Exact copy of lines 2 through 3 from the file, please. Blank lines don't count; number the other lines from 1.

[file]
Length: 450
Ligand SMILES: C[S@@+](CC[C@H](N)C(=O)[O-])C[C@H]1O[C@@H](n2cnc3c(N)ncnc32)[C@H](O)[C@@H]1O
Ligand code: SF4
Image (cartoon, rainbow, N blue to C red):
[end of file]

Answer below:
Ligand SMILES: C[S@@+](CC[C@H](N)C(=O)[O-])C[C@H]1O[C@@H](n2cnc3c(N)ncnc32)[C@H](O)[C@@H]1O
Ligand code: SF4